When we create a product for a client, we want it to fully satisfy their needs. We come up with and create functions and predict whims of the target group. We focus on ensuring a maximum product efficiency, so that our client will choose our solution, and not the solution from our competition.
Throughout the path of creating the right value for the client, we need to remember about the resources. In most cases, this limited element determines the way of doing things and forces you to be precise and accurate in your business decisions.
Most newly established companies fail because of not finding a fit in their offer with the market. Therefore, verification of to what degree your solution satisfies your clients and modifying it based on their feedback is your buffer.
Let’s imagine that you are trying to create all the preferred functions right when introducing the product to the market. It takes a lot of time, energy, and is very budget-consuming. Let’s not forget that you haven’t gotten feedback from your client yet, and you don’t know if our proposition meets their expectations. What you have is a lot of money spent and resources invested.
That’s why in the startup environment, people started implementing the MVP concept – Minimum Viable Product, which is about introducing a product with limited (basic) functionalities to the market. The first one to use the term was Eric Ries.
To present it more visually, here’s the difference between a basic product and the product with full functionality in two pictures.
In the first picture, you can see a moka pot, used for brewing coffee, and in the second one, a coffee machine, with which you can make a number of types of coffee. The function of both of the devices is to serve you coffee. Nonetheless, the second one has a number of additional options which let you get different tastes. The first machine enables you to verify if the user will be interested in changing the way how they brew their coffee (to get its essence) and switching from pouring boiling water on ground beans to using machines. The second one gives you a range of other options.
Thanks to that, the creators of the solution receive clear information about their product and possible improvements. That’s why in the early stages, you only implement functions that satisfy users’ basic needs. With that, you save time needed for implementation, resource needed for realization and verify your own hypotheses, so you limit the risk connected with introducing a new product.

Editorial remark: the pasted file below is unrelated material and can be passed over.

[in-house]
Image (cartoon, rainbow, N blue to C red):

In other words, an MVP is a minimally ready product that you introduce to the market to test how you fit the client’s needs. In practice, it means the product’s first clash with reality, which decides not only on its further development direction, but whether it’s going to be introduced to the market at all.
An MVP is characterized by the fact that the product you’ve made:
- has enough value for the users to want to buy it
- has enough value to keep the early adopters
- provides feedback which is the basis for improvement
In practice, it means that you exclude all the functions that don’t constitute the basis for fulfilling a defined need. For example, if you’re making a service with which a musician can put their song up for sale, with your first implementation, you won’t be adding recommendations, saving to favorites, sharing with friends or recording from the panel. You just give users the option to sell a song or make a purchase.
Apart from limiting the product’s functions to its only basic one, you may also present the product’s aim in a way of e.g. a mockup. There are examples of businesses whose MVPs were based on presenting the idea to users – as if the product was already live. Thanks to that, the creators had the chance to check the actual interest in the offer and get the users’ opinions before introducing the product to the market. A few examples of this hacked MVP model are:
- Dropbox – it stores files in a cloud. The founder, Drew Huston, initially posted a 3-minute clip on a website Hacker News, explaining the idea of Dropbox. The users left many useful comments and Huston received 70 000 emails in one day, realizing that it’s an idea worth going forward with.
- Buffer – it’s a tool for planning posts on social media platforms. Before introducing the product, the owner, Joel Gascogine, wanted to verify the need for this type of product. That’s why he created a landing page for the app, with which he verified the traffic, the number of people who clicked on the payment and the number of email left. Joel then decided to take further steps checking for the willingness to buy, and then got around to developing.
- Kickstarter – lets you check if people would like to pay for a product before it being introduced to the market.
If you’re still considering investing into carrying out your idea, check which basic functions it provides and how you can reduce them. Also, take a look at our article about Business Model Canvas, which is one of the tools to define a product.